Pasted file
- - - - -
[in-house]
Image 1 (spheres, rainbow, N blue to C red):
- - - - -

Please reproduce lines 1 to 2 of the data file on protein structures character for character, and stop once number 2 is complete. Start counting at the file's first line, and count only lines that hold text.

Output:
[in-house]
Image 1 (spheres, rainbow, N blue to C red):